by Benjamin Fitzgerald
Release Date: December 21, 1998
Genre: Fantasy, role-playing
Mode: Single-player, multi-player
Rating: T for Teen
Ah, Baldur’s Gate. Ugh, Baldur’s Gate. I don’t know if I’ve ever played a game that’s so simultaneously rewarding yet antagonizing. I’ve plugged around 100 hours into this game, and as much as I love this game, sometimes I really hate it. Part of the problem stems from the fact that I had to sell my desktop computer and so had to restart the campaign from square one. Having to play through the entire game a second time through for this review is tedious, to say the least; Baldur’s Gate is a big game. For the sake of this review, I will try to set aside my road-weariness and offer an objective view of this seminal, wildly important game.
Long before the Mass Effect and Dragon Age trilogies, there was a small start-up company ran by three young medical students called BioWare. Today they are renowned for their ability at creating engaging role-playing games, many of which have become franchises, instantly recognizable names. The MMORPG Neverwinter drew its inspiration from BioWare’s 2002 title Neverwinter Nights and the sequel they tasked Obsidian with making. The MMORPG Star Wars: The Old Republic, which BioWare produces, is an extension of the original, critically acclaimed Knights of the Old Republic (whose sequel was again delegated to Obsidian) which BioWare worked closely with LucasFilm to create. But BioWare didn’t start with Neverwinter Nights, KotOR, Mass Effect or Dragon Age. They entered the world of cRPGs in 1998 with the Forgotten Realms epic Baldur’s Gate, whose two million copies sold instantly put BioWare on the map.
The game begins with creating your character. You can play as a male or female of one of six races – human, elf, half-elf, dwarf, gnome and halfling – and can choose from eight different classes – fighter, ranger, cleric (priest), thief, mage, druid, paladin or bard. If you’re a stickler for immersion, you’re probably best off playing as one of the former three races, as some of the dialogue you conduct with NPCs heavily indicates that you do not possessed a diminutive stature.
You start off in the city of Candlekeep, a fortress of knowledge and learning insulated from the wars and strife of the Sword Coast. You are an orphan, raised by your foster father Gorion, a wizened mage. For reasons unknown, he has provided you with a small handful of gold and instructions to purchase supplies from Winthrop and set out on a journey with him. You do not understand the reason for your sudden haste, nor will he explain. Nevertheless, something is clearly wrong. Before leaving Candlekeep, you are attacked twice by petty rogues eager to claim a bounty upon your head – a bounty that for the life of you you cannot comprehend. Who could possibly want you dead, and why?
With these questions weighing on your mind, you depart with your adopted father under cover of darkness, but your path is blocked by a powerful, heavily armored man flanked with two ogres. “Hand over your ward,” he demands of your father. Gorion urges you to flee, and with his powerful spells makes short work of the ogres. In your flight from the battlefield, you look back to see the man who took care of you your entire life cut down without mercy. With tears in your vision, you continue to run, certain that if you turn back you will meet with the same fate.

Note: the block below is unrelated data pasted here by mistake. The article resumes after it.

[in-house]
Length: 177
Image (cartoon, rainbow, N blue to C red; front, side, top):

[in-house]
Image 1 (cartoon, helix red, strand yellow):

The morning follows a restless night of exhaustion and nightmares, and you are surprised to be greeted by a friendly face on the road. Your best friend and fellow orphan, the lovely rogue Imoen, snuck out of Candlekeep behind you. She too witnessed Gorion’s death, and followed you under cover of darkness. Her company provides some measure of comfort against the terrible loss you have suffered, and together you head off in search of the Friendly Arm Inn and whatever refuge you may find there.
While you pursue the main quest, you will meet many NPCs who will give you side quests. The world is pretty big, and exploring all of it will take quite some time. As you travel through the game, you will encounter people who are interested in joining your party scattered randomly throughout the world. Some of them can be found along major routes and in the towns and cities, but others are out there in the wilderness somewhere, and you won’t find them unless you explore. Many of these NPCs have their own agendas, and depending on their alignment and your actions, they may be none-too-pleased with the choices you make.
To Speak or Not to Speak
While I’m on the subject of NPCs, let’s talk about voice acting. On the one hand, there is a lot of voice acting in the game. On the other hand, there’s almost no voice acting. How do I mean? Well, for one, most of your NPCs will banter between each other. This is kind of fun, because it helps create the feeling that you have different people traveling together who may or may not get along. Their comments may also be a reflection on their opinions of you – they will commend you if you behave in a fashion they agree with, but they will criticize you or complain if they do not like the path you choose.
You also hear dialogue in other sources. Many of the monsters you meet have some spoken dialogue lines (automatic catch phrases they repeat during combat). For example, bandits repeat the line, “So I kicked him in the head ‘til he was dead,” and hobgoblins will say, “Forward march!” and “Spare no one!” Initiating dialogue with NPCs will also typically initiate a handful of recorded dialogue lines, depending on what sort of character it is. Generic bartenders have a handful of lines, and generic noblemen had a different set. Often, game-critical NPCs will have their own unique conversation-initiated dialogue.
In spite of all of this, however, there are almost no fully-voiced conversations. Sometimes the first line or two of a dialogue will be recorded, but it seldom goes beyond that. Most dialogue doesn’t even have that much. You cannot converse with your party members at will, and even the important conversations you have with major NPCs are entirely text-based. However, the narrator’s dialogue, which is the primary voice moving the plot forward, is entirely voice-acted and is very well-done. This really helped to engross me in what really is a powerful, rich narrative.
Although there is a proliferation of voice acting, much of it is so repetitive that it can get on your nerves. Part of the main quest takes you through the mines in Cloakwood, and the miners there repeat the line, “Get me out of this hell-hole” over and over and over again. I have to restrain myself from killing all of them just to get them to shut up. When you’re fighting the bandits in Larswood, hearing, “So I kicked him in the head ‘till he was dead” twenty or thirty times makes me wish someone would kick me in the head so I wouldn’t have to hear them anymore.